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    ABSTRACT: Electronic circular dichroism (CD) spectra as well as transitions from ground to excited states were predicted for a helical nonapeptide based on alternative sequence--[Z-alpha,beta-dehydrophenylalanine (Delta(Z)Phe)-X]--through semiempirical molecular orbital computation combined with time-dependent (TD) method. The simulation was performed for its various conformers that differ in helix type, helix sense, and Delta(Z)Phe side-chain orientation. These conformational variations have been shown to depend largely on its CD spectra. Comparison between simulated and observed CD profiles reveals that peptide 1 in solution favors a right-handed 3(10)-helix that adopts phenyl (Delta(Z)Phe) planes basically in a vertical orientation with respect to the helix axis. These predictions were essentially supported from CD simulation of a shorter helical analogue at ab inito or density functional TD levels. The theoretical CD-conformation relationship should provide us useful guideline for determination of helix sense in the dehydropeptide, and for estimation of its conformations statistically averaged in solution.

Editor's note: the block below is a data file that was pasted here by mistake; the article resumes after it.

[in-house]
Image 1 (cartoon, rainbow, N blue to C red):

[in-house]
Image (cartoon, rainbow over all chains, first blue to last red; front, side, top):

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    ABSTRACT: Noncovalent chiral domino effect (NCDE) has been proposed as terminal-specific interaction upon a 310-helical peptide chain, of which the helix sense is manipulated by an external chiral stimulus (mainly amino acid derivatives) operating on the N-terminus (Inai, Y., et al. J Am Chem Soc 2000, 122, 11731–11732; ibid., 2002, 124, 2466–2473; ibid., 2003, 125, 8151–8162). We have investigated here a helix-sense induction in an optically inactive N-terminal-free nonapeptide (1) through the screening of several peptide species that differ in chiral sequence, chain length, and C-terminal group. Helix-sense induction in peptide 1 depends largely on both the C-terminal chirality and carboxyl group in the external peptide, in which N-carbonyl-blocked amino acids, “monopeptide acids,” should be the minimum requirement for effective induction. N-Protected mono- to tetrapeptides of L-Leu residue commonly induce a right-handed helix. NMR study and theoretical computation reveal that the N-terminal segment of peptide 1 binds the N-protected dipeptide molecule through multipoint coordination to induce a right-handed helix preferentially. The present findings not only will improve our understanding of the chiral roles in peptide or protein helical termini, but also might demonstrate potential applications to chirality-responsive materials based on peptide helical fragments. © 2006 Wiley Periodicals, Inc. Biopolymers 82: 471–481, 2006 This article was originally published online as an accepted preprint. The “Published Online” date corresponds to the preprint version. You can request a copy of the preprint by emailing the Biopolymers editorial office at